Theoretical Investigations on Nanoporpus Materials and Ionic Liquids for Energy Storage



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In the current context of rapidly depleting petroleum resources and growing environmental concerns, it is important to develop materials to harvest and store energy from renewable and sustainable sources. Hydrogen has the potential to be an alternative energy source, since it has higher energy content than petroleum. However, since hydrogen has very low volumetric energy density, hence it is important to design nano porous materials which can efficiently store large volumes of hydrogen gas by adsorption. In this regard carbon nanotube and Metal Organic Framework (MOFs) based materials are worth studying.

Ionic liquids (IL) are potential electrolytes that can improve energy storage capacity and safety in Li ion batteries. Therefore it is important to understand IL's thermodynamic and transport properties, especially when it is in contact with electrode surface and mixed with Li salt, as happens in the battery application. This dissertation presents computation and simulation based studies on:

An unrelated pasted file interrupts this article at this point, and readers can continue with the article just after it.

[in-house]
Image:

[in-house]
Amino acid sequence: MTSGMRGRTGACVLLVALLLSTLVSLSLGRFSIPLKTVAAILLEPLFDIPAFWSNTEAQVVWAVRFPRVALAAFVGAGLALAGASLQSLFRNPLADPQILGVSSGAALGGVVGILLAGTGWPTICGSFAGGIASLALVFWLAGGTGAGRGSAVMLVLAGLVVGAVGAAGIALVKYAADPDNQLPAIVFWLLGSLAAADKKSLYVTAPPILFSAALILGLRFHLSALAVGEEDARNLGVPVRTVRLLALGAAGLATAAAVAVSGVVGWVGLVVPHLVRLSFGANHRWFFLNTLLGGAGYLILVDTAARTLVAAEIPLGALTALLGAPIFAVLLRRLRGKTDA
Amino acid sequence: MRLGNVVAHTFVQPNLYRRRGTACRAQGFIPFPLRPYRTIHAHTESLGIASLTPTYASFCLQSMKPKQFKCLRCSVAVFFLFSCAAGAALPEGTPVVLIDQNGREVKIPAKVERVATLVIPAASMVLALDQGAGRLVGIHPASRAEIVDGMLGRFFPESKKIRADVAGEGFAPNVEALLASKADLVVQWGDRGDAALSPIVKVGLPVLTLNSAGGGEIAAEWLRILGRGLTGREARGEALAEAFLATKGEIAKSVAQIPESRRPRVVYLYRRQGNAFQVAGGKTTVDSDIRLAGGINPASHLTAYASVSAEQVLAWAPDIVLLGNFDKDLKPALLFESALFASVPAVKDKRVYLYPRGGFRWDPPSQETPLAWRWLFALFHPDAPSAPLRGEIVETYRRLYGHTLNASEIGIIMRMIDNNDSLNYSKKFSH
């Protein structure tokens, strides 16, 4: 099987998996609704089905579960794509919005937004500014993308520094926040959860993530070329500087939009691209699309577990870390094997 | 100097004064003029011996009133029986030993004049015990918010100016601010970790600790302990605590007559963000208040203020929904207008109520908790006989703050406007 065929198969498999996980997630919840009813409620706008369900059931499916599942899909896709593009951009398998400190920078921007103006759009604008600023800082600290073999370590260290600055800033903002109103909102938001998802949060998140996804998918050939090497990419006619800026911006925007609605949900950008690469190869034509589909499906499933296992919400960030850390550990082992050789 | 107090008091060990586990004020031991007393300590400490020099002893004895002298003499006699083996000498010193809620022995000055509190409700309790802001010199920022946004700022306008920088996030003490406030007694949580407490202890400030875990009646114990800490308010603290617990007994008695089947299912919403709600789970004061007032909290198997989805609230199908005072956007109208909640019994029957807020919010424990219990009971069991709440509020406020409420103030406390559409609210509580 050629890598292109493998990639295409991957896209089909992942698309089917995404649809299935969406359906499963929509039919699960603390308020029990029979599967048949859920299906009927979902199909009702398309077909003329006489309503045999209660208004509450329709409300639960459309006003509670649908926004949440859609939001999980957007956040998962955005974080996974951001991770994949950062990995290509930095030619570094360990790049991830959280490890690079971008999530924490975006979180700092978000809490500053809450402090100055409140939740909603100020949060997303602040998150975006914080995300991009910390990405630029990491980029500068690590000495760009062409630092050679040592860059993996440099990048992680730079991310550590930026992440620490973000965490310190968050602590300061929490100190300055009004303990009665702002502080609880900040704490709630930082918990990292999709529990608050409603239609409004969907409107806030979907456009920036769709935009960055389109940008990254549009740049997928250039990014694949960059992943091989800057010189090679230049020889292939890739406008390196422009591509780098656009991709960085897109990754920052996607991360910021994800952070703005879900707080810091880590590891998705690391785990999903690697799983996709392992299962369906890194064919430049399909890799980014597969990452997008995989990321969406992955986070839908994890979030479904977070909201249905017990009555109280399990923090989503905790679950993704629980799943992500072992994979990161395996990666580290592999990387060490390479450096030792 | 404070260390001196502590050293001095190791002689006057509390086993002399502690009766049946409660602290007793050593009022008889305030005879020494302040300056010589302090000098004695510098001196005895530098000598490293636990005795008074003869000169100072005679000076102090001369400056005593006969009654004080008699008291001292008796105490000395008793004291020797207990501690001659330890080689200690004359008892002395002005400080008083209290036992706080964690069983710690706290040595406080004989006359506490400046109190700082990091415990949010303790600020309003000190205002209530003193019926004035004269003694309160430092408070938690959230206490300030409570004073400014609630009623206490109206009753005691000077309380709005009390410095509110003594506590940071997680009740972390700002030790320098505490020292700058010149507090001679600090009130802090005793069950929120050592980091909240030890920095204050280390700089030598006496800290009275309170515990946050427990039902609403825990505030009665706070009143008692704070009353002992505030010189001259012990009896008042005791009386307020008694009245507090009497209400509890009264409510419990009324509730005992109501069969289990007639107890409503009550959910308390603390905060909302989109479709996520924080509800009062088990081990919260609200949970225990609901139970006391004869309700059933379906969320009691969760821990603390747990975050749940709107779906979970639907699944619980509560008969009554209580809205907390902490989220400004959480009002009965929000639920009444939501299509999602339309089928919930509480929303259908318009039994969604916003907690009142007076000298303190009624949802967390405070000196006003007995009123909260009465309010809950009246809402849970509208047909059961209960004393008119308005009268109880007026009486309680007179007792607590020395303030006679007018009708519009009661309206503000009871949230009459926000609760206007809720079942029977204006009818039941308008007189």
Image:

1. Hydrogen storage in carbon nanotube scaffold.
  2. Mechanical property and stability of various nanoporous Metal Organic Frameworks.
  3. Thermodynamic and transport properties of [BMIM][BF4] ionic liquid in bulk, in Li Salt mixture, on graphite surface and under nanoconfinement.

In the first study, we report the effects of carbon nanotube diameter, tube chirality, tube spacer distance, tube functionalization and presence of Li on hydrogen sorption capacity and thermodynamics at different temperature and pressure. In the second one, we observe high pressure induced structural transformation of 6 isoreticular MOFs: IRMOF-1. IRMOF-3, IRMOF-6, IRMOF-8, IRMOF-10 and IRMOF-14, explore the deformation mechanism and effect of Hydrogen inside crystal lattice. In the third study, we observe the equilibrium thermodynamic and transport properties of [BMIM][BF4] ionic liquid. The temperature dependence of ion diffusion, conductivity, dielectric constant, dipole relaxation time and viscosity have been observed and found similar behavior to those of supercooled liquid. The ion diffusion on graphite surfaces and under nanoconfinement was found to be higher compared to those in bulk.